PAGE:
September 24, 2010
Put an experienced lake fisherman on a river and the sensory nerves light up. He notices and reacts to things that are taken for granted by the regulars.
Angler Paul Nelson hauled in a fat spring walleye.
Photo by Noel Vick.
To truly realize the nuances of rivers one must also understand natural lakes. Such training is essential to appreciate the uniqueness of running water pulling on your line like a drawn bow; how walleyes face upstream and treat current breaks like structure; how anchoring can be the equivalent of covering water when fish are on the move.
River buffs recognize the relationship between running water and walleyes. But an experienced lake fisherman — well, put him on a river and the sensory organs light up. He notices and reacts to things that are taken for granted by river regulars.
Enter exhibit A, Tom Neustrom. The busier-than-heck guide earns a living pounding out natural lakes, and he's a whiz at it. Neustrom feels equally as comfortable on a river. Why? The veteran walleye fisherman pays attention to detail and is a quick study. When in Rome, Neustrom becomes a Roman.
He runs rivers from time to time, building plans around the post-spawn period when walleyes are allegedly dormant. Locals who battled boats and slammed fish during the pre-spawn heydays are likely out chasing turkeys. So, Neustrom takes the opportunity to activate post-spawn walleyes in privacy.
River holes are his thing.
"Walleyes hole up for a simple reason," said Neustrom with conviction that only comes from experience. "They're recovering from the spawn and need to get out of the current."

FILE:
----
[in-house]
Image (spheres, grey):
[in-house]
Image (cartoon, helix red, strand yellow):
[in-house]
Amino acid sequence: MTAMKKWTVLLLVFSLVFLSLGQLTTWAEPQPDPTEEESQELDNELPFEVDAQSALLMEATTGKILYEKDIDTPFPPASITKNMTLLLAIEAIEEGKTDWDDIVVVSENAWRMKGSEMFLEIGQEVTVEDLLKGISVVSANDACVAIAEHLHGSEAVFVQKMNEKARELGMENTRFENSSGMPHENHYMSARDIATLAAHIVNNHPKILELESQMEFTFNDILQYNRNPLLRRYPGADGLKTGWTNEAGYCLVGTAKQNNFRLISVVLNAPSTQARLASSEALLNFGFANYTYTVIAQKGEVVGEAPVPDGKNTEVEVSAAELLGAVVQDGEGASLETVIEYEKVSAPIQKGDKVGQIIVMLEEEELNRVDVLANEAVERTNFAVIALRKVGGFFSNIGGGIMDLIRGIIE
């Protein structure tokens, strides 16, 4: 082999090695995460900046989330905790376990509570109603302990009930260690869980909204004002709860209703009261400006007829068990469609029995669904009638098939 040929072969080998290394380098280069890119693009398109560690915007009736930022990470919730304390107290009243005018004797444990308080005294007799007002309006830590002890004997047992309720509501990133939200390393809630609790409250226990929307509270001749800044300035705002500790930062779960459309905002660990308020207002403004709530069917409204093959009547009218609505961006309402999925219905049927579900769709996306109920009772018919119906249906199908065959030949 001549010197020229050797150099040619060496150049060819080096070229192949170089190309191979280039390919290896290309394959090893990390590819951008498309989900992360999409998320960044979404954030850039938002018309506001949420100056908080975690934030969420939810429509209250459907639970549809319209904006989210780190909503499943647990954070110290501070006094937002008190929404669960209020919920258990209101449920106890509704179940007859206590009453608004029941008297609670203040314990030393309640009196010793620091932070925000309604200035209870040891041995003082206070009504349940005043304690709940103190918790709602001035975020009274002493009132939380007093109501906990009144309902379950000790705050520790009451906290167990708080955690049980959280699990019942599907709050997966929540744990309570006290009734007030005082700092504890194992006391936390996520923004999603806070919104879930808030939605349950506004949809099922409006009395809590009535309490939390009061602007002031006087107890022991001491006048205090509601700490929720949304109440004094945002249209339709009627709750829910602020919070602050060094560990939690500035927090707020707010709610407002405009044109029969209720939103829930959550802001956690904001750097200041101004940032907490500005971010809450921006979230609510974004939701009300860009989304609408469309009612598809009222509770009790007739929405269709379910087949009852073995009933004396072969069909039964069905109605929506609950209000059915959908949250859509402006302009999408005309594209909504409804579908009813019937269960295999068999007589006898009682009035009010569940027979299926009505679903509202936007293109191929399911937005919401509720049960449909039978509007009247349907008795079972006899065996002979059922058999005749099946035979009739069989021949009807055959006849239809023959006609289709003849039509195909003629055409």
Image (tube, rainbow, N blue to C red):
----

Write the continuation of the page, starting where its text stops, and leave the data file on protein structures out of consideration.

The term "hole" is certainly up for interpretation, too, but in this case, Neustrom is matter of fact. "It's a dip in the main channel. Things might be running at 10 to 12 feet and suddenly it plunges to 16 or 25 feet. That's a hole."
Said holes occur throughout the span of a river, but it's those nearest known spawning areas that fill up first. If you're not certain where walleyes repopulate, a manmade dam is a prime point of orientation. Instinctively, walleyes forge upstream in advance of the spawn. Dams force them to call it quits. Fish make ends meet with what's available. And when the baby-making is complete, they drift downstream, ducking into nearby oases — Neustrom's holes.
"Walleyes suck into the holes," he said. "There's less current, but when they do decide it's time to eat, all they need to do is rise to the upper lip." That's a fine place to begin, but before dropping the anchor, let's qualify the hole.
Neustrom's keystone spots materialize along fast-running outside bends. "Water runs quicker along an outside curve. And you can bet it's deeper there, scooped out."
Those washouts are a safe harbor for recovering walleyes and the larger the hole the more fish it likely houses — pretty typical stuff. But size isn't all that Neustrom seeks. He requires definition as well, "Better holes have a definitive upper lip, a quick break, not a gradual slide."
Neustrom calls the opposite a divot. They have smooth, tapering edges and aren't nearly as attractive to walleyes.
"Resting or not, walleyes want to be near structure, an edge," he said.
From Superman's perspective — X-ray vision included — a hole has a teardrop shape. The head — upstream flank — opens, maybe widens some and slims down into the tail, where eventually the river-channel reconstitutes.
Business is conducted on the front, especially the break between the bottom of the hole and front lip. "Walleyes use the front, not the back," explained Neustrom. "The front corners are the best."
Neustrom plies back and forth athwart the head, crosscurrent, finding those spots where the stiff upper lip starts bending backward. That's a key contact point.
Mostly, the leading edge washes across a firm bottom, generally gravel. The hardpan continues down the ramp and to the base of the hole. Somewhere along the line, though, dictated by decelerating current, gunk settles and the river floor softens. And according to Neustrom, walleyes don't hover over mud.
"That's basically dead water, not somewhere a walleye will sit," he said.
As holes dissolve downstream, they often produce a debris field. You'll see deadheads and other debris — regrettably, some manmade — piled up, each spring bringing new erosion, uprooted trees and dock sections.